Some examples of the uses of the verb are:

zakładać z góry - to presuppose
założyć rodzinę - to start a family

zakładać się, założyć się - to bet (reflexive)

Derivative uses in other parts of speech:

zakład - institution, establishment, company; bet, wager (noun)
Examples: zakład? - is it a bet?
Zakład Ubezpieczeń Społecznych (ZUS) - Social Insurance Institution
postawić zakład - place a bet
teren zakładu - factory premises
zakład wychowawczy - childcare center
zakład karny - penal institution
zakład fryzjerski - barber/hairdresser shop

zakładka - bookmark; fold, pleat (noun)

zakładnik, zakładniczka - hostage (noun)
Example: przetrzymywać zakładników - to hold prisoners

założenie - establishment, foundation; assumption, stipulation (noun)
Examples: założenia (plural of założenie) - guidelines
wychodzić z założenia, że... - to assume that...
przy założeniu, że... - assuming that...

założyciel, założycielka / founder, foundress (noun)

zakładając, że byłoby to możliwe / assuming it would be possible (example of adverbial participle)

Some miscellaneous uses of the roots:

Here the root is without the initial "k":

ład - order, orderliness (noun)
Examples: doprowadzić coś do ładu - to put something in order
dojść z kimś do ładu - to come to terms with somebody
bez ładu i składu - chaotically
mówić bez ładu i składu - to ramble, to speak incoherently

łóżko - bed (noun)
Examples: łóżko piętrowe - bunk beds
iść do łóżka - to go to bed
wstawać z łóżka - to get up out of bed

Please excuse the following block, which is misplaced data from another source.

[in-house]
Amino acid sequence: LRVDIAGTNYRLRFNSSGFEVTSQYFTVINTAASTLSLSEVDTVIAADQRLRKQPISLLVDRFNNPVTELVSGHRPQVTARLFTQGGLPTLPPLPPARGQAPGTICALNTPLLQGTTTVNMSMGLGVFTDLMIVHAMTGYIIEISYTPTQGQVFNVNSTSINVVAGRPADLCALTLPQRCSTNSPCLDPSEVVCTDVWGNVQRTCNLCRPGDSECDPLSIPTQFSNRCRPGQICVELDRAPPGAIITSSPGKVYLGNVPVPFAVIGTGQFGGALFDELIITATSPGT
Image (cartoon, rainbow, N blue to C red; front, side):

ścielić łóżko - to make the bed

Monday, April 8, 2013

Living and Using

Żyw- (or życ-)  has to do with "living."  But when you preface it with "u-" to make "używ-/użyc-," it has to do with "using."

There are a LOT of words using this root.  I don't think I'll be able to scratch the surface of the uses of this root, but I'll try to give an partial overview.

Żywy is an adjective meaning "alive, live, living" or "vivid" or "deep, sincere." The primary meaning is "alive" and the comparative (more alive) is "żywszy;" the superlative (most alive) is "najżywszy."  It is also pretty close to being the last word in a Polish dictionary.

Examples include:
żywe współczucie - deep sympathy
żywa istota - live being
żywy język - modern language
żywa kolory - bright colors
żywe mięso - raw meat
żywa gotówka - instantly available cash
żywy towar - slaves, victims of human trafficking (literally "living goods")
ledwo żywy - barely alive
dotykać do żywego - to hit a nerve

Other adjectives:

"Żywiołowy" can mean "natural" (as in "klęska żywiolowa" or "natural disaster") or "impulsive, spontaneous."
"Ożywiony" is "lively, vivacious, animate."

And some nouns:

"Życie" means "life."

życie nocne - night life
życie osobiste/prywatne - private life
życie seksualne - sexual life
przywracać komuś życie - to bring somebody back to life

"Dożywocie" is a noun meaning "life in prison."
"Żywiciel" is a noun meaning "host" in a biological sense. Or it can mean "breadwinner."

"Odżywka" is a noun meaning "nutrient."

odżywka do włosów - hair conditioner
odżywka dla niemowląt - baby food

"Odżywianie" means "nutrition, nourishment" or "diet."

odżywianie piersią - breast feeding
sztuczne odżywianie - artificial feeding

More nouns:

żywność - food, victuals
żywienie - nutrition, food
wyżywienie - board (as in "room and board")

nieżywotny - inanimate (as used in grammar)